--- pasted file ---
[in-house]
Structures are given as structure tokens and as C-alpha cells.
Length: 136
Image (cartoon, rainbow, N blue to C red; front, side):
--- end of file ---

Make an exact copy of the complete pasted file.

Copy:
[in-house]
Structures are given as structure tokens and as C-alpha cells.
Length: 136
Image (cartoon, rainbow, N blue to C red; front, side):